So, if everything could go into your ‘virtual library’, how do you decide what shouldn’t? Maybe, it’s better not to restrict what goes in, but instead use AI to make the process of adding content to the collection less time consuming—while preventing your collection from becoming a ‘junk drawer’ that people rummage around in to find a rubber band to tie their thoughts together.

AI can also quickly review almost any piece of content and tease out important metadata such as possible subjects and match them against your library system’s taxonomy or thesaurus. Supervised by a human operator, AI can dramatically increase throughput. Furthermore, AI can actually learn from the process of having humans correct its errors. AI might never be 100% accurate, but would definitely be better than having nothing in the drawer. And, if you flag which items were machine cataloged, your search engine can be taught to offer these as supplementary, rather than primary resources.

The more things change…

Having been in the library automation industry for 3 decades, we’ve seen a lot of change. Early versions of our software were capable of printing catalog cards! Before long, those same catalogs could be searched online using our software, via the library’s computer(s). Then, there were wide area networks—and then the internet. People were then able to get their information from any digital device, which represented significant change.

Here’s a bit of irony and also a possible indicator of our future. Recently, in response to our clients’ needs, we introduced a Request Tracking and Management function to help manage reference requests. Apparently, the volume of requests our clients handle has increased, rather than decreased. Probably because of the flood which shows no signs of receding.”

 

 

Posted on: November 14, 2018, 6:05 am Category: Uncategorized

OCLC: University Futures, Library Futures: Aligning library strategies with institutional directions

University Futures, Library Futures: Aligning library strategies with institutional directions

https://www.oclc.org/research/publications/2018/oclcresearch-university-futures-library-futures/report.html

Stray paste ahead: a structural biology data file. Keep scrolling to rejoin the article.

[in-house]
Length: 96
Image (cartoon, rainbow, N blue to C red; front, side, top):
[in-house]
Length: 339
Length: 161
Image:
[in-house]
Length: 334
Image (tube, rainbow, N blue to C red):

“University Futures, Library Futures: Aligning library strategies with institutional directions establishes a new framework for understanding the fit between emerging library service paradigms and university types.

Supported in part by the Andrew W. Mellon Foundation, project leads Constance Malpas, Lorcan Dempsey, and Rona Stein from OCLC Research and Roger Schonfeld and Deanna Marcum of Ithaka S+R, examined the impact of increased institutional differentiation in universities on the organization of academic libraries and the services they provide.

As libraries move away from a collections model in which libraries measure their success by how large their collections are, this report puts a framework around library services, explores emerging patterns in different institutional settings, and gauges the importance of these services areas—now and for the future—according to surveyed library directors.

The work has three main components:

  • a working model of US higher education institutions that is characterized by educational activity (Research, Liberal Education, Career-directed) and mode of provision (traditional-residential and new-traditional-flexible)
  • a library services framework that covers nine key areas
  • comparison of the above two to test the hypothesis that the services portfolio of libraries map onto the institutional priorities of their host university

Read the full report for the findings of this work.

Download US Letter .pdf

Download A4 .pdf    

Suggested citation:

Malpas, Constance, Roger Schonfeld, Rona Stein, Lorcan Dempsey, and Deanna Marcum. University Futures, Library Futures: Aligning Library Strategies with Institutional Directions. Dublin, OH: OCLC Research. https://doi.org/10.25333/WS5K-DD86

Stephen

Posted on: November 14, 2018, 6:04 am Category: Uncategorized

What Mr. Roger’s Neighborhood and Libraries Have in Common

What Mr. Roger’s Neighborhood and Libraries Have in Common

Stephen

Posted on: November 13, 2018, 6:24 pm Category: Uncategorized